Oct 01, 2023
Oct 01, 2023
by Hema Vijay
Seetha mami, 81, is busy packing her bags and a bucket, for Cleveland, USA. At the airport - as on previous occasions when she has flown out of Chennai for a performance - she will part with the bags, but the bucket she will hold close and secure. For, inside the bucket, tucked safely in between layers of old saris is a precious assortment of porcelain bowls that will make music when this grand old lady fills them with water and flicks her bamboo sticks across them.
"Come to think of it, it is a practical way of carrying them. She also uses the bucket to fetch water for pouring into the bowls," remarks writer Jaya Madhavan, one of Seetha mami's grandchildren.
Meet Seethalakshmi Doraiswamy, one of the rare tribe of 'jaltarang' artists in India. In fact, she is perhaps the only living accomplished female performer of the art. Curiously, it was by sheer accident that she came across the 'jaltarang' bowls. When Seethalakshmi was all of 11 years, her mother enrolled her in the Summer School of Indian Music at Triplicane in Chennai. There she became proficient in vocal music and was even selected for the honors class.
Eighty-one-year-old Seethalakshmi with her 'jaltrang' ensemble
(Photo Credit - Vinoth Vijayan)
Getting into the honors class presented her with a unique opportunity that changed Seetha mami's life: She earned a free six-week 'jaltarang' course. She took an instant liking to the art form and, even after the special classes were over, continued to practice on her own. Such was her dedication, that though she did not have a 'jaltarang' ensemble, she trudged daily to principal Professor Sambamoorthy's house, who owned the only 'jaltarang' ensemble in the area, to practice. "One day when he [Sambamoorthy] realized that I had walked in the hot sun to come to his house, he presented the ensemble to me, saying it was too hot for me to be out...!" Seethalakshmi recalls fondly.
Today, thousands of musical performances later, Seethalakshmi retains the same passion for this offbeat art, as she did when she made her trips to Sambamoorthy's house.
Over the years, Seetha mami has mothered nine children and has 18 grandchildren, three great-grand children and four cows! She had to give up the cows, though, because of a municipal corporation rule that forbid keeping cattle within city limits. "It is incredible that she has managed to persevere with this rare instrument all along, with hardly any teachers to speak of, except Ramaniah Chettiar from whom she initially learnt, and still take care of a large family," says well-known musician Chitraveena Narasimhan.
In fact, Seethalakshmi sees herself as a traditionalist - a happy and content family woman. This, despite the fact that she has given performances all over the world, from Mumbai to Muscat, and was conferred the prestigious Kalaimamani award by the Tamil Nadu government in 2003.
A Seethalakshmi performance that dates back to 30 years.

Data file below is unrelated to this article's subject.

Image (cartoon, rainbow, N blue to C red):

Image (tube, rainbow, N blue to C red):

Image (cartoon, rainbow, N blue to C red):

This octogenarian, resplendent in a silk 'madisar' (as the nine-yard sari is referred to in Tamil) and flicking sticks over the arc of bowls, is a sight to behold. But, does it tire her? After all, leave alone the performance, setting up the 'jaltarang' ensemble and tuning it is a tricky business that requires a clear understanding of sound-pitch variations effected by different water levels and different volumes of the porcelain bowls.
"It is a pleasure. Though at this age, my performances on the stage account for all the practice I do," she says with a candid laugh. "But it is true that 'jaltarang' requires patience; unlike other instruments, you can't just pick it up and start playing. You have to tune 20-odd bowls, sometimes even more," she concedes. For instance, 'ragamalika' (garland of ragas) compositions, like her favorite, 'Bhavayami', require 25 bowls. "I guess that is why 'jaltarang' isn't very popular with youngsters. However, it would suit contemporary music very well as it lends itself to short notes," she adds.
That the 'jaltarang' is a dying art saddens her. And though she has tried to teach the art form to her children and grandchildren, none of them have really taken to it.
Despite her recent bereavement - she lost her husband and a son in the last six months - Seethalakshmi has put no stops in her musical odyssey. The void left by the death of her husband, N. Doraiswamy, a retired school headmaster, is impossible to fill. "After my mother, it was my husband who encouraged me tremendously. He used to carry all the 'jaltarang' bowls for me, saying they were too heavy for me carry," she recalls.
Seethalakshmi with her husband N. Doraiswamy just after their marriage.
The word 'jaltarang' literally means 'waves in water'. And much like the ancient musical instrument she plays with gay abandon, Seethalakshmi creates waves that reverberate - in the mind and heart. Even now, she is receptive to new ideas: only recently, she gave a 'jaltarang' demonstration at a local kindergarten school, Navadisha, in Chennai, where she played tunes like 'Twinkle, twinkle little star' and other nursery rhymes.
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